23andMe

23andMe

By
Robert Siegel, Sara Rosenthal
2017|Case No.E624| Length 26 pgs.

The Human Genome project, sponsored by the U.S. Department of Energy and the National Institutes of Health, was launched in 1990 to identify all the approximately 20,000-25,000 genes in human DNA.  The project subsequently opened the door for the personal genomics industry by providing a platform for which DNA―often obtained through a simple saliva sample―could uncover an individual’s genetic map.  23andMe was one of the first companies to launch in the personal genetic testing space, introducing its direct-to-consumer product in November 2007.  Though the company faced significant competition in its early years, it soon became the industry leader, offering information on over 200 genetic conditions and traits ranging from an individual’s genetic risk for Alzheimer’s disease to whether they carried a gene which allowed them to taste bitter flavors.

As 23andMe’s customer base grew in size and personal genetic testing became increasingly popular, the U.S. Food and Drug Administration began to more closely scrutinize the industry.  In 2013, with a customer base and corresponding genetic data for over 1 million individuals, the FDA sent a warning letter to the company that it must cease marketing its consumer test while the agency determined how to regulate the burgeoning industry.  With its primary business on hold, 23andMe secured partnerships with pharmaceutical companies to conduct studies using its extensive genetic data set, while continuing its own research on Parkinson’s disease and breast cancer, among other diseases.

In early 2015, the company announced the launch of its therapeutics business, leveraging its own data to more accurately and cost-effectively home in on suitable drug targets, thereby reducing both the time and cost of drug development.  But while even a small dent in drug development costs would be a massive win, 23andMe’s most recent valuation of $1.1 billion would make it challenging to attract the investments required to fund the company into the future.  Even if the company was able to keep the coffers full, would the DTC genetic testing and therapeutics groups be able to coexist and thrive given their divergent personnel, capital, and structural needs?  Was there even any other option?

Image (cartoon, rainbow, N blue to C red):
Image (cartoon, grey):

Learning Objective
The learning objectives of this class are to help students understand how a new company that has created an entirely new industry—personal genetic testing—presents challenges to the establishment while also facing challenges of its own. From how it must overcome resistance from physicians to dealing with the strong hand of the FDA, 23andMe demonstrates how a disruptive business aiming to change the healthcare system from the outside in must deftly navigate the existing rules and regulations if it is to survive.
This material is available for download by current Stanford GSB students, faculty, and staff only. For inquiries, contact the Case Writing Office.